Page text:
PhraseExpander Text Expansion: Text Tool Tuesday for Salespeople

Typing the same things over and over is inefficient, time-consuming, and incredibly boring. In my consulting and training work, it’s part of the job.

If it’s part of yours, there’s a solution.

A while back, I learned about text expansion programs — software that automates repetitive typing tasks. Basically, you establish an abbreviation for a sentence or paragraph, and the software makes your computer type the whole thing. For example, you can set a shortcut so that typing “lq” makes your laptop write “Let me know if you have any questions.”

Of course, the first thing I did when I learned about text expanders was to look for a free one. For a couple of years, I used PhraseExpress, which is free for personal use. It worked reasonably well, but had two quirks that significantly reduced the benefit I got from using it:

  1. PhraseExpress didn’t always work consistently. I would find myself typing “lq”, deleting it, and re-typing it two or three times before “Let me know if you have any questions” finally appeared.

  2. It sometimes stopped working entirely, forcing me to close the program and re-open it.

A time-saving program that adds nearly as much time to a task as it saves is, at best, a mixed blessing. Even if it’s free. I was open to another answer.

Although it’s early in my ownership experience — I may have found one. Earlier this month, Andrea Nagar of Nagarsoft sent me a review copy of his program PhraseExpander. I’ve been using the Professional version for about two weeks, and while I’m still learning the ins and outs of the program, I’m very impressed with what it can do.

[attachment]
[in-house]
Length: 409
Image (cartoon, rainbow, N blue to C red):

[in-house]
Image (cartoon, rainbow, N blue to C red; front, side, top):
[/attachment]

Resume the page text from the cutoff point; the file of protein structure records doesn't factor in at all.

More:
Like any good text expander, PhraseExpander allows you to use abbreviations for words or phrases — everything from short passages to multi-paragraph emails. You can establish “fill in the blanks” templates;  abbreviations can also be used to open web pages and launch programs such as PowerPoint and Excel.

Here’s a quick screencast showing some of the ways I use the program. All abbreviations were established by me.

Direct link to video:

All of your abbreviations are kept in a database that PhraseExpander calls “glossaries”. A particularly nice feature of the Pro version is the ability to share glossaries among computers. If you install PhraseExpander on more than one computer (I have it on my “road” laptop, my “home” laptop, and a desktop), you only have to establish your abbreviations once — everything syncs in the cloud.

If there’s a downside,  it’s the price — PhraseExpander is most emphatically not free. At $59 for the Standard version and $149 for Professional, it’s on the spendy side. There are cheaper text expanders out there, and free ones.

Only you can decide if you want to spend the dough. If you spend it, you’ll do it for the same reason that people pay a premium for an iPad: it’s worth it to get something that does exactly what you want. PhraseExpander just works.

Although there’s a bit of a learning curve to start, the program makes it easy to add and eliminate abbreviations quickly. The ability to sync between computers (in Professional) is a huge help to anyone running multiple machines.

In two weeks of heavy use, I’ve found PhraseExpander to be an extremely reliable, powerful tool — a huge improvement over the free competition. PhraseExpander will cost you some money; in return it will save you a ton of time and hassle.

Isn’t that what money’s for?

Question: What’s your favorite time-saving tech tool? You can leave a comment by clicking here.


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